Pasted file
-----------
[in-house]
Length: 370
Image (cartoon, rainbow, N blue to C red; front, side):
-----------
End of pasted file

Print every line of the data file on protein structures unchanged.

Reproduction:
[in-house]
Length: 370
Image (cartoon, rainbow, N blue to C red; front, side):